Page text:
People don’t like change. Having something they cherish distorted and altered beyond recognition is such a difficult thing to accept. Your immediate instinct is to rebel against it. To dismiss the alteration as misguided and better to be ignored until the decision can be rectified and subsequently retracted. This seems to be a position currently espoused by some members of the Fallout community in response to “Fallout 76”. Evidently fans are divided about this multiplayer variation of the series traditionally developed as a single player experience, with some almost vitriolic of the accursed integration of other human people inhabiting the same decrepit land as themselves. I find all of this controversy fascinating. I can’t confess to being a devout admirer of the franchise, nor a detractor of it either. My butt cheeks are comfortably, if precariously situated on a rather stable fence of neutrality between this two conflicting paradigms. I believe this impartial position affords me an objective perspective on the entire situation, and why Fallout’s support for expanding player interaction may not be such an unsavoury addition.
I guess the primary catalyst for many fans vehement umbrage is the interaction with real players infiltrating their experience with potentially hostile incentives. Traditional commerce with people and environments were artificial, with many instances scripted to enhance “your” experience. Fallout 76 removes those premeditated stabilisers by introducing a threat you can’t predict: idiots. Dangerous, free thinking idiots with personal agendas. Impediments that won’t hesitate to shoot you on sight simply because they believe that fedora your currently wearing would look so much better on them. Because Fallout imbues the player with purpose, creating a narrative that emphasises your significance in this world. But when there are thousands of players similarly empowered suddenly you aren’t as important. And as such you are more vulnerable, susceptible to the whims of a more organised party that will flaunt their superior ballistics regardless of your passivity. That can be intimidating for people who like to feel important, as they have done in previous entries.
You read phrases from disgruntled detractors like “This isn’t my Fallout”, “who asked for this?!” and other pernicious statements and wonder if fans are just being arbitrarily dismissive of a game they haven’t even played yet? Or perhaps their anxiety concerning the intimate single player game-play could become compromised if Fallout 76 is a success? It’s a legitimate concern. Really there are too many variables to definitively support either theory, but I believe Fallout 76 validates its existence by being an aberration rather than an extension of the franchise, much like the Elder Scrolls Online. Personally when the ESO was announced I was similarly sceptical about the series perusing a more communal area for players to explore, especially when it was announced that players required a mandatory monthly subscription to participate, a service quickly revoked before hitting consoles. Visitation to Tamriel felt less appealing to me if I had to share it with similarly endowed users. But having played it periodically over the years, you begin to realise that the MMO style is not a continuation of the series, and certainly not indicative of the franchise itself.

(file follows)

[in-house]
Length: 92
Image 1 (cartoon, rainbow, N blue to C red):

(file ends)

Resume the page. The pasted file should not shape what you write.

If Fallout 76 expansion into multiplayer doesn’t appeal to you than by all means don’t play it. There’s certainly nothing wrong with preferential affinity for Fallout’s established single player content. With only cursory research about Fallout 76 and no direct interaction with the game I can’t comfortably assuage your fears that it won’t lead to more preferable sequels that include multiplayer, the kind of sustainable income afforded by micro-transactions is highly lucrative after all. But again using Fallout’s mythological sibling as a barometer, the Elder Scrolls single player experience will continue to thrive along side its MMO partner. Of course be vigilant, but also amiable of a new way to play a revered and respected series. This generation has proved just how relevant single player games are to the community, and its unlikely that Bethesda, a studio that has embraced personable experiences, would have forgotten that.